Joe Leitmann, The Jakarta Globe
The arrival of a new government in October is a tremendous opportunity for Indonesia to move toward a more sustainable development path — a path in which the costs of degradation no longer cancel out economic growth; the poor are no longer the greatest victims of environmental damage; renewable resources are used sustainably; and the public proactively tackles the issues plaguing the environment.
A five-part win-win agenda can help Indonesia move toward greater sustainability. The first part entails reducing policy distortions that arise from conflicting regulations and national laws, especially those involving decentralization.
Fuel and electricity subsidies have hampered the use of clean energy and mostly benefited the well-off. The existing legal and financial framework has not been effective in curbing illegal logging or slowing down deforestation as well as degradation.
Policy distortions in fishing and mi ning have contributed to unsustainable harvesting patterns and illegal mining activities. These policy distortions could be overcome through a reform that uses taxation and pricing instruments that raise revenues, and also provide incentives for more sustainable behavior.
The second agenda item involves building constituencies, awareness and critical partnerships, which are essential for creating effective demand for environmental sustainability.
Environmental issues are very much on the radar screen of the Indonesian population, especially those concerning water (pollution, floods, droughts), cities (cleanliness, solid waste, air quality) and forests (degradation, illegal logging, fires). Yet the government is pursuing areas that are not yet public priorities, eg climate change, clean energy and hazardous waste, indicating a low level of public awareness. In order to bridge environmental communications between the government and the public, stronger partnerships are needed with four key actors: the mass media, civil society organizations, the legislature and religious organizations.
Third, adaptation to climate change needs to become a higher priority. People and ecosystems in Java, Bali, parts of Sumatra and a large area of Papua are especially vulnerable to climate risks such as droughts, floods, landslides and rising sea levels.
Climate change will have the most impact on the poorest Indonesians, who are more likely to be living in marginal areas that are susceptible to drought, flooding and/or landslides; dependent on climate-sensitive agriculture or fisheries for their livelihoods; and have fewer assets to cope with the impacts of a changing climate. Many adaptation options exist to help reduce Indonesia’s vulnerability to climate change, which will need to be phased in and prioritized according to the magnitude of costs, benefits and risks.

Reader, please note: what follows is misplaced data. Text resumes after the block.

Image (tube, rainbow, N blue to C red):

The fourth point deals with mitigating emissions from forestry and land use. High rates of deforestation, illegal logging, forest fires and peatland degradation make up the single largest source of Indonesia’s greenhouse gas emissions and have made the country one of the world’s principal emitters.
Well-known options exist that should be pursued regardless of climate benefits, ie improved forest law enforcement, management and governance, realigned incentives for timber harvesting and processing firms to improve sustainability, restructuring and revitalization of forest sector industries, forest and land fire control, and greater equity and transparency in forest/land use decisions.
Forest climate finance schemes such as Reducing Emissions from Deforestation and Degradation (REDD) can provide an important incentive for these “no regrets” options.
The fifth and final agenda item involves pursuing a low-carbon growth strategy. In the future, fossil fuel emissions will be a greater concern than land use emissions.
With current subsidies, Indonesia uses fuel and electricity inefficiently and in excess. However, Indonesia has the world’s largest potential for developing geothermal power and sustainable biofuels.
Industry is currently the largest source of energy-based emissions, the transportation sector is the largest user of liquid fuels and petroleum is currently the main contributor to CO2 emissions. Even assuming lower energy intensity, emissions from energy consumption will triple by 2030 from 2005 levels.
Mitigating these emissions will require more realistic energy pricing, development of renewable energy resources and greater efficiency in the industrial, power, manufacturing and transportation sectors; ie a low-carbon growth strategy where the economy expands while emissions per rupiah of GDP decline.
The World Bank has a long history of partnership with Indonesia on environmental and natural resource management issues. There are now new and urgent opportunities for increased partnerships in the areas of environmental governance and climate change that could help Indonesia develop an economy that grows while nurturing the environment that sustains it.
Dr. Joe L eitmann is the World Bank’s environment coordinator for Indonesia